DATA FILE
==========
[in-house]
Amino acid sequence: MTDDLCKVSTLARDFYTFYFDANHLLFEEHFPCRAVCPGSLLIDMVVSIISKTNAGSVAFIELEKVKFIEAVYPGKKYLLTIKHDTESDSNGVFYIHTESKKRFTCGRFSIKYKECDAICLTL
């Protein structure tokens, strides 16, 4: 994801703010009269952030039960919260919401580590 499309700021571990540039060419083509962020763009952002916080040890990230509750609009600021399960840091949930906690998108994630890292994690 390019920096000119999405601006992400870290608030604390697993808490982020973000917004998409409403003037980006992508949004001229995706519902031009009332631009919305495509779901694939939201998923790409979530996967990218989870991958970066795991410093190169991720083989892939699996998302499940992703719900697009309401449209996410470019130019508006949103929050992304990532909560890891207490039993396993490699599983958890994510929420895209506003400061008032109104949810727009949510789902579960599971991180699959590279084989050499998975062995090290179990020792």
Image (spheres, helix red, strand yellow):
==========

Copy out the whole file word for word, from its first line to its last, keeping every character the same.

[in-house]
Amino acid sequence: MTDDLCKVSTLARDFYTFYFDANHLLFEEHFPCRAVCPGSLLIDMVVSIISKTNAGSVAFIELEKVKFIEAVYPGKKYLLTIKHDTESDSNGVFYIHTESKKRFTCGRFSIKYKECDAICLTL
């Protein structure tokens, strides 16, 4: 994801703010009269952030039960919260919401580590 499309700021571990540039060419083509962020763009952002916080040890990230509750609009600021399960840091949930906690998108994630890292994690 390019920096000119999405601006992400870290608030604390697993808490982020973000917004998409409403003037980006992508949004001229995706519902031009009332631009919305495509779901694939939201998923790409979530996967990218989870991958970066795991410093190169991720083989892939699996998302499940992703719900697009309401449209996410470019130019508006949103929050992304990532909560890891207490039993396993490699599983958890994510929420895209506003400061008032109104949810727009949510789902579960599971991180699959590279084989050499998975062995090290179990020792």
Image (spheres, helix red, strand yellow):